Listen: Alumni Discuss How Study of Religion Benefits Their Work
Earlier this month, Swarthmore’s Department of Religion invited three alumni to return to campus to share their experiences with entering the professional world with a religion major. Speakers included CBS News broadcast associate Dina Zingaro ’13, foreign affairs officer Martha Marrazza ’09, and nonprofit program manager Lauren Cardenas ’12, with Professor of Religion and Islamic Studies Tariq al-Jamil as moderator.
Zingaro, a broadcast associate at 60 Minutes and the CBS Evening News, cited 60 Minutes creator Don Hewitt in explaining that the job of a television journalist is to find people to tell a story better than the broadcast staff. She credits her religion major with helping her find people who can tell their stories well. Zingaro also shared three anecdotes regarding how her study of religion has benefited her as a journalist. She recalled a press conference on ISIS during which CBS aired an incorrect definition of Sharia law. Zingaro immediately emailed al-Jamil and together they put together a more accurate definition for the show. Zingaro also described her time covering the 2016 election in Ohio. There, she spent time with steel workers who, after previously voting Democratic, voted Republican because the steel plant at which they worked had experienced severe cuts, and many of the workers had to be retrained at a local community college. Zingaro empathized with the men on their loss of their sacred space—the steel plant. She also discussed an encounter with two evangelical women, one who loved President Trump and one who hated him, and noted that both women could defend their choice for president using their religion.
Marrazza described her professional trajectory after Swarthmore. She worked for a congressman on immigration, received a master’s degree in refugee studies from Oxford University, worked in Kenya in refugee resettlement for two years, and currently works at the State Department Bureau of International Affairs. Marrazza noted that religion came up all the time during her work in Kenya because it is one of the five grounds of persecution that can determine refugee status; as a result she met many people fleeing religious persecution. She also saw how religion can build community, because when individuals resettle they often seek out people of the same faith, as well as how religion can be divisive, as religious taboos still existed in refugee camps. She explained how her background in religion prepared her to approach different cultural traditions with an open mind; for instance, some families she met practiced polygamy but regarded it as an issue of safety because single women were often not safe. Marrazza describes religion as “an incredibly relevant lens.”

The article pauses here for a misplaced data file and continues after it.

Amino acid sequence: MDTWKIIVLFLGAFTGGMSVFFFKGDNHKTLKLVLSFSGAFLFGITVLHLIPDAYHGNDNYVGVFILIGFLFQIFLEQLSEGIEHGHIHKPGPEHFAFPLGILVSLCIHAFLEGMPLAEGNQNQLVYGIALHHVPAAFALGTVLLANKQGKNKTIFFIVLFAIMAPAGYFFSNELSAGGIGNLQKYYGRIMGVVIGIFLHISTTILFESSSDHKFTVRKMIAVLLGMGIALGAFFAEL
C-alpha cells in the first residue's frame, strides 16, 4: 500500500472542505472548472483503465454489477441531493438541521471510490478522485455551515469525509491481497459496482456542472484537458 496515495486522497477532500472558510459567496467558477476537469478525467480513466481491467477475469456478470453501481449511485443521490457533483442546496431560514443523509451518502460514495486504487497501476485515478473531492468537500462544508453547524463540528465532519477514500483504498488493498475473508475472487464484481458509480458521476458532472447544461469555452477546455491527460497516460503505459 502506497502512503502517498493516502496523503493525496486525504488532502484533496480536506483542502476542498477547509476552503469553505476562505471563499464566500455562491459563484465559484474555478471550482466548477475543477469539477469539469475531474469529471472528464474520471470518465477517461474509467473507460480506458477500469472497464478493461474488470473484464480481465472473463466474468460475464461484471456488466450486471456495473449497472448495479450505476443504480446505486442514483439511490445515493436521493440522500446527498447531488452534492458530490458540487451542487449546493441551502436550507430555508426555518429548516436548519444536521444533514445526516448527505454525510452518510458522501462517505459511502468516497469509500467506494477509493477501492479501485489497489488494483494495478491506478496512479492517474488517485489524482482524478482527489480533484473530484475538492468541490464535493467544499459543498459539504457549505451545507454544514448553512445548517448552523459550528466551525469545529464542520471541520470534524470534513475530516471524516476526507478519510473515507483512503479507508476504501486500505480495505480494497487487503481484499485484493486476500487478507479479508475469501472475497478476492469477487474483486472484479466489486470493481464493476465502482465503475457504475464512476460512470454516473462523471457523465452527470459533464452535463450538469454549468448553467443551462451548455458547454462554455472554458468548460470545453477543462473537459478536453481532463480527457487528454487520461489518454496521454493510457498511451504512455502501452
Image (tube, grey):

Cardenas discussed her work with non-profits such as Planned Parenthood and her current role at the Posse Foundation in Los Angeles, an organization that sends talented high school students to top colleges with full scholarships. Cardenas detailed her research on spirit possession at Swarthmore and during her semester abroad in Vietnam, describing her studies as a useful background for her current work. A career program manager for high school students, Cardenas finds the same fundamental questions she discussed in her classes and research at Swarthmore returning in her conversations with her students. She also sees aspects of religion in her job and often thinks about how to create rituals that contribute to a healthy work environment.
The panel ended with questions from the audience. Zingaro, Marrazza, and Cardenas described the generally positive reactions they receive when their colleagues learn they studied religion, and expressed gratitude that their families accepted their choice of major at Swarthmore. “I feel very privileged that I had their support and could study what I love,” Marrazza said.